I did find Spicy Horse’s use of Alice’s dodge and shrink abilities both creative and beautiful.  Much like the widely used roll mechanic, Alice changes things up by transforming into a flock of butterflies – capable of avoiding last-second fatal blows from just about any direction.  At the conclusion of each dodge Alice resumes her human form.  Although creative, the inconsistent and erratic camera can, more often than not, leave Alice in an even more desperate situation than when the dodge started.

Shrinking down to less than 1/4 her normal size (compliments of the infamous “drink me” bottle) allows Alice to enter areas previously unreachable as well as provide a dream-like sense of her surroundings.  Suddenly, hidden rooms are revealed, paths are laid out and additional platforms appear from out of nowhere.  Without question, this ability comes in handy for the completionist in all of us as we try to find every collectible available.  Unfortunately, in order to maintain this “shrink sense” the player is forced to hold down the L2 button and no other game mechanics can be used – no jumping, no combat.  While Alice traverses solid ground this isn’t much of an issue.  However, switching between this shrink sense (to locate previously invisible platforms) and back to normal size (to jump onto said platforms) and then back again so the platforms reappear for you to stand on can be infuriatingly tedious.  The controls are simply not as precise as the game often demands.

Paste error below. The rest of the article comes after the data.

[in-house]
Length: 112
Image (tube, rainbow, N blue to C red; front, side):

A final gameplay element worth noting is Alice’s Hysteria mode.  A last ditch effort before the game-over screen from too much abuse, Alice enters this mode when her health reaches near zero.  For a limited time she becomes impervious to additional damage while being able to dish out twice as much.  The best part – her appearance and the the appearance of her surroundings change to fit this final act of desperation.

Visuals:
Where the gameplay of Alice Madness Returns may have fallen short the visuals of this version of Wonderland are what prompted me to play this game in the first place – and they do not disappoint.  The developers at Spicy Horse must have had an incredible time planning and delivering these beautiful – and often disturbing – environments.  The colors were always an interesting mix of warm and vibrant with dark and moody.  It was like being in a 10-12 hour fever dream.  Somehow I think that was the target Spicy Horse was shooting for – and they absolutely nailed it!

While Wonderland was a blending of colors, Alice’s “real world” was consistently dreary and desperate.  Everything was bleak and sickly looking.  The scattering of characters populating the streets, pubs and fishing docks were appropriately rough and disheveled.  When they weren’t passed out drunk, begging for money or selling sex they were profanely remonstrating Alice for intruding upon their turf.  As these visits to the darker side of the city were injected as brief reprieves from Alice’s adventures in Wonderland they delivered a sense of hopelessness and a desire to return to normalcy.  Only, in this case, normalcy was found in the madness of Wonderland.